Photo by Peter Emmett via Half Gringa’s Spotify
Written by Avalon Smith
On a Sunday night in Sleeping Village, audience members excitedly gathered in the bar awaiting the EP release show for Half Gringa’s January EP, Ancestral Home. The intimate venue was the perfect setting for their soulful and introspective sound, promising an evening of captivating music and heartfelt performances. Sunday scaries forgotten, fans gathered into the venue, after grabbing a drink and buying some merch, to listen to the self-labeled “Midwestern Latin Poet.”
Before doors opened, I had a chance to speak with Izzy Olive, the singer-songwriter and heart of Half Gringa. When asked to describe her music in three words, she responded: “Midwest, Latin, Poetry.” Olive is from Southern Illinois, though her mother was born in Caracas, Venezuela. The name Half Gringa evolved from her childhood nickname “La Gringa” and reflects the duality of her own identity.
When on the road, in order to bring a piece of her (ancestral) home, Olive packs honey lavender stress tea and a book of poetry to read at night, even though it can make her car sick. However, the most important element in her routine leading up to a performance, in order to prevent or, at least, reduce performance anxiety, is lots of preparation. Recently, just like the rest of us, she has been listening to Rat Saw God by Wednesday on repeat. But, for musical inspiration, Olive recognizes her own friends, such as Tenci.
Half Gringa’s music seamlessly blends indie rock, folk, and Latin influences, creating a unique and compelling sound that resonates with listeners. Drawing on her heritage and life experiences, Olive weaves together themes of identity, love, and self-discovery into poetic melodies. Like most of us, the pandemic allowed her time to ask herself questions she never would’ve asked. This soul-searching is reflected in her newest EP which, unlike her other recent records, she recorded at home and in collaboration with her drummer Abby Black and co-producer Nicholas Palpeo. Fans can keep an eye out for the third record she is currently working on, developed in a similar way to this EP.
Kicking off the night was Jessica Mindrum playing ballads from the 2021 EP including her most captivating song “Restart, Begin,” followed by the second opener Pictoria Vark who skillfully warmed up the crowd, creating an atmosphere of anticipation and excitement. Once Half Gringa stepped into the spotlight, the crowd’s anticipation was palpable. Opening with songs from the latest EP, Ancestral Home, the band wasted no time immersing us in their rich musical tapestry. Izzy Olive’s emotive vocals soared through the venue, complemented by the band’s impeccable musicianship and the tight-knit rhythm section. The band’s connection with the audience was palpable, creating an intimate and authentic experience that is often rare to find in larger venues.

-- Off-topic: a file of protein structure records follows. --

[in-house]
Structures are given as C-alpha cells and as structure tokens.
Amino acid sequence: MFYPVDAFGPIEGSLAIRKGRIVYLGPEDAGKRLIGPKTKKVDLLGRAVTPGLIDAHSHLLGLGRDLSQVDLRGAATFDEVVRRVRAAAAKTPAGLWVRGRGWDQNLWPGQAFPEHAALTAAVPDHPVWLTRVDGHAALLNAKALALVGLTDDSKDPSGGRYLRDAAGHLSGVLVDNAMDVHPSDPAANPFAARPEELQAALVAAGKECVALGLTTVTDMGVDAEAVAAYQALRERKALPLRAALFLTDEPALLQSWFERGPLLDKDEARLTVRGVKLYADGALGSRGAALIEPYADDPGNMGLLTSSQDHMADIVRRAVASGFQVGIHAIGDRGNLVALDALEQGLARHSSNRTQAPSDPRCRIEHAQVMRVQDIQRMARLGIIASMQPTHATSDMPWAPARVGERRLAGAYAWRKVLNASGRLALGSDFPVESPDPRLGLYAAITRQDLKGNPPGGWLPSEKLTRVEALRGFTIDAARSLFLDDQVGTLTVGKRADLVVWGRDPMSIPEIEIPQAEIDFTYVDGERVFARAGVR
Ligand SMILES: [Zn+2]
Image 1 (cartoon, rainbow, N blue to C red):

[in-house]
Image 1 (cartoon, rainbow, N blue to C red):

Throughout the set, Half Gringa flawlessly navigated between tender ballads and foot-stomping anthems, showcasing their versatility as musicians and storytellers. Tracks like “Sevenwater” and “No Kind of Fire” showcased Olive’s ability to craft powerful and thought-provoking lyrics, while songs like “1990” had the crowd dancing and singing along. One of the standout moments of the evening came when Half Gringa performed their hit “Miranda.” The song’s infectious energy resonated deeply with the audience who enthusiastically sang along and danced with the rhythm.
However, the highlight of the evening was Olive’s precursing rant about her grievance against cups without lids, especially in cars, to which the band responded by each holding mugs as a prank, finally leading to one of the finale songs “Anti-Thermos.”
Izzy’s ability to weave together diverse musical influences and create an intimate connection with the crowd makes her a force to be reckoned with in the indie rock scene. If you have the chance to experience Half Gringa live (hint, hint, this summer when she will be touring with Iron and Wine), don’t miss it – it’s an experience that will stay with you long after the last note fades away.